You can use ProcMon and set up a filter for “file locked” to identify locked files. This is the best tool to use when trying to identify locked files or corruption caused during logon because of this. Citrix Profile Management utilizes a driver that outputs into the log file located in the C:\Windows\System32\LogFiles\UserProfileManager directory. The Operating System identifies when something is locked and reports back to the driver that it couldn’t do what it needed to do. :ooking in the UPM log is not as helpful. You will see “Access Denied.”
Do you recommend enabling the “disable automatic configuration” policy?
This depends on your environment. If you want to configure your profile using specific options for your infrastructure, it is best to disable it and therefore manually specify folder redirection or configurations to guarantee that the look and feel and settings are exactly what you want them to be and not just the defaults.
What are the Citrix recommended tools for CPM troubleshooting and tracing? UPM Troubleshooter or other tools?
We covered details in a previous question, but you can use UPMCheck, Procmon, Perfmon, and UPM logs. Procmon is a good one because you can see what the Operating System is doing. The Citrix profile loads when it’s called by WinLogon. Because this happens during that phase, Procmon can be sorted in a specific way so you can see each interaction and where the most amount of time is occurring. This is really what you want to gather from a technical standpoint if the UPM logs cannot answer your initial questions.
What happens with CPM policies that are set to “not configured”? Which setting becomes effective in this case?
“Not configured” will not be applied to your environment but will keep the “default value.”
What are the main reasons why a temporary profile is created at Citrix user logon?
One of the main causes is that there’s some kind of profile lock (if the profile wasn’t logged out correctly for instance). Another common one is if there’s an issue with the profile path, like if Profile Management is not able to write to that share and then has to revert to a temporary profile. In those scenarios, check the application logs in the Event Viewer. and the UPM log as well.
Do you have any suggestions for using Procmon on VMs that are non-persistent? Are there any blogs on the configuration of Procmon for troubleshooting?
Procmon identifies the executables that are running on the machine. Then it identifies the PID (Process ID), the operation of what it’s trying to do, the results of the operation, and further details from there, including the path. If you see the CitrixProfileManager.exe you can apply filters or open up Tools (Ctrl+T) to open up the Process Tree which is commonly used to identify which part of the profile is going wrong. There aren’t any Citrix specific blogs for this, since this is not a Citrix tool but a Microsoft one. We just use it to identify what our executables or the Operating System are doing. If you’re encountering a specific issue, feel free to open up a case with Citrix Support so that an engineer can help you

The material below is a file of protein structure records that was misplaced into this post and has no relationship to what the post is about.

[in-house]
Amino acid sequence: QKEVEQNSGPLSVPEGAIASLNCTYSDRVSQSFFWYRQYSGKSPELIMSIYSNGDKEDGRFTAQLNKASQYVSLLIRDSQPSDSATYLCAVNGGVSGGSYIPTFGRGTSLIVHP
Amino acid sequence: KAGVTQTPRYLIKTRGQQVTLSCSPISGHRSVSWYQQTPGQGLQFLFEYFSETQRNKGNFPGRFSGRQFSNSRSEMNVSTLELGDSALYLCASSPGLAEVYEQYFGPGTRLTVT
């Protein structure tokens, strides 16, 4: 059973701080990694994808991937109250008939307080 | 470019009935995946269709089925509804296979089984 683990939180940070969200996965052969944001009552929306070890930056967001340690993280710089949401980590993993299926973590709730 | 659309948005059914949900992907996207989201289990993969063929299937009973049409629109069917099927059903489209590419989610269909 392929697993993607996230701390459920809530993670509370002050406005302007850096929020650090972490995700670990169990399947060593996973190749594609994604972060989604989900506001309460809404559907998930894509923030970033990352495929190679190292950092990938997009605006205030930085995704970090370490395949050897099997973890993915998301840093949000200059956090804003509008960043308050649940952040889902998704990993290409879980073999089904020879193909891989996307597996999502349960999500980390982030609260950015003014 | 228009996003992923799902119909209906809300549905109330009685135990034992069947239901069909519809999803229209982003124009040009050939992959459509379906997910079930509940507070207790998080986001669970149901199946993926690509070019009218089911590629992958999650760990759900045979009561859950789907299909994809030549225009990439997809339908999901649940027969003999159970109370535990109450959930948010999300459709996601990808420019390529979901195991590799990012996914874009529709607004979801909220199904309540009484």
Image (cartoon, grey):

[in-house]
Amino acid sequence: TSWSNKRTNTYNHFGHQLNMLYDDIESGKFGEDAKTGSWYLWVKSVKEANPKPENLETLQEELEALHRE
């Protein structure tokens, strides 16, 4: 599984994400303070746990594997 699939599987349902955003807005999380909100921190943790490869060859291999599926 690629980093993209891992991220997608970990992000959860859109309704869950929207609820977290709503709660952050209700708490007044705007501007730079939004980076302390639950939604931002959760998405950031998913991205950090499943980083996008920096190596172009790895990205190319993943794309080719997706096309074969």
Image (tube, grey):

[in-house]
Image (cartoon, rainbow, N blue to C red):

What are the minimum IOPS requirements for the latest CPM versions in LTSR and CR releases?
We don’t have minimum requirements. Usually IOPS is based on what a user is doing. So a regular task worker may be consuming 10 IOPS on a manually provisioned VDA per user. If using MCS/PVS and taking advantage of the RAM cache, this would be cut down to 1/2 or 1 IOP or so. The IOPs requirements are also dependent on the version of the server you’re using. For general task users, we’d target about 10-15 per user going up from there. It is good to have more IOPS than less on a server, so purchasing faster storage won’t hurt you from a performance perspective, as opposed to using older spinning disk technology. For profiles, the faster the storage, the faster the load time will be. Therefore, fast storage is essential for profiles.
When User Profile Management is configured via Workspace Environment Management, user profile logins are still slow. Why?
If you are encountering a slowness issue, it’s best to try and identify what the root cause is. We have several tools available that can help you with this. Please see Part 1 for details on the tools available for troubleshooting and options on how to troubleshoot slow logon issues. If you require further assistance, please contact your Cloud Success Manager if you have a cloud entitlement or contact Citrix Support directly for assistance.
Are there any published Citrix best practices regarding CPM, such as recommendations for all GPO objects configuration, depending on the scenario (VDI desktop OS vs SBC server OS VDA)?
You can take a look at this helpful article or if you are a Cloud Customer, please visit the Success Center for guides specific to Policies and Profile Management configuration.